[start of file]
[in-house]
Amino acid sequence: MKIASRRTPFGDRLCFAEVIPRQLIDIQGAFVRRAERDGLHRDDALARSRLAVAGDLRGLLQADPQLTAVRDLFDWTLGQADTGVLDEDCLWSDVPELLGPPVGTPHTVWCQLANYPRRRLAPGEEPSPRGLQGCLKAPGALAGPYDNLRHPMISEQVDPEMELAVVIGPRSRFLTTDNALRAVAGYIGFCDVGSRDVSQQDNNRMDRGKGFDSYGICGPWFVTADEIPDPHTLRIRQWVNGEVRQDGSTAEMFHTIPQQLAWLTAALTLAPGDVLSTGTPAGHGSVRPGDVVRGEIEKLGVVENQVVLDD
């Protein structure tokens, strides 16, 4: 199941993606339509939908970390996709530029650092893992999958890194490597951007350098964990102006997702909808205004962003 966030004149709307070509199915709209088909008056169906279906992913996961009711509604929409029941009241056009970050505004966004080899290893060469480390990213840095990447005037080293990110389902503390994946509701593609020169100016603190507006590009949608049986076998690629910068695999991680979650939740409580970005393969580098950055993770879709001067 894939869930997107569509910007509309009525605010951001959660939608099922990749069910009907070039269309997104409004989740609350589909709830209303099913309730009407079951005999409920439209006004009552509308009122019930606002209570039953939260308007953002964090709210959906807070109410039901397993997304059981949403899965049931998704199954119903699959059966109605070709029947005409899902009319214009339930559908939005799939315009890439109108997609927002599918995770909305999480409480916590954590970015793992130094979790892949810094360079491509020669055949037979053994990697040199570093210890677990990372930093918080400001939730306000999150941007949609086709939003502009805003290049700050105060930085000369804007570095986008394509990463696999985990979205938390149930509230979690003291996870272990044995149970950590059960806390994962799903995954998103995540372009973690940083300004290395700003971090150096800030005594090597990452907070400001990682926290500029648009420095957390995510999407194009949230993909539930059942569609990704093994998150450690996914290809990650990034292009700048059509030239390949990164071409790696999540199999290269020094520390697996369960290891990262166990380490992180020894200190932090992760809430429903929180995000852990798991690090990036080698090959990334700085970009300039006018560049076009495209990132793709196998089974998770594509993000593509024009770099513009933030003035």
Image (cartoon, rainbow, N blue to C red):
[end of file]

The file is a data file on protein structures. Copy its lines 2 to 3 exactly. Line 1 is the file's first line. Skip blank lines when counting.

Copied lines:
Amino acid sequence: MKIASRRTPFGDRLCFAEVIPRQLIDIQGAFVRRAERDGLHRDDALARSRLAVAGDLRGLLQADPQLTAVRDLFDWTLGQADTGVLDEDCLWSDVPELLGPPVGTPHTVWCQLANYPRRRLAPGEEPSPRGLQGCLKAPGALAGPYDNLRHPMISEQVDPEMELAVVIGPRSRFLTTDNALRAVAGYIGFCDVGSRDVSQQDNNRMDRGKGFDSYGICGPWFVTADEIPDPHTLRIRQWVNGEVRQDGSTAEMFHTIPQQLAWLTAALTLAPGDVLSTGTPAGHGSVRPGDVVRGEIEKLGVVENQVVLDD
């Protein structure tokens, strides 16, 4: 199941993606339509939908970390996709530029650092893992999958890194490597951007350098964990102006997702909808205004962003 966030004149709307070509199915709209088909008056169906279906992913996961009711509604929409029941009241056009970050505004966004080899290893060469480390990213840095990447005037080293990110389902503390994946509701593609020169100016603190507006590009949608049986076998690629910068695999991680979650939740409580970005393969580098950055993770879709001067 894939869930997107569509910007509309009525605010951001959660939608099922990749069910009907070039269309997104409004989740609350589909709830209303099913309730009407079951005999409920439209006004009552509308009122019930606002209570039953939260308007953002964090709210959906807070109410039901397993997304059981949403899965049931998704199954119903699959059966109605070709029947005409899902009319214009339930559908939005799939315009890439109108997609927002599918995770909305999480409480916590954590970015793992130094979790892949810094360079491509020669055949037979053994990697040199570093210890677990990372930093918080400001939730306000999150941007949609086709939003502009805003290049700050105060930085000369804007570095986008394509990463696999985990979205938390149930509230979690003291996870272990044995149970950590059960806390994962799903995954998103995540372009973690940083300004290395700003971090150096800030005594090597990452907070400001990682926290500029648009420095957390995510999407194009949230993909539930059942569609990704093994998150450690996914290809990650990034292009700048059509030239390949990164071409790696999540199999290269020094520390697996369960290891990262166990380490992180020894200190932090992760809430429903929180995000852990798991690090990036080698090959990334700085970009300039006018560049076009495209990132793709196998089974998770594509993000593509024009770099513009933030003035």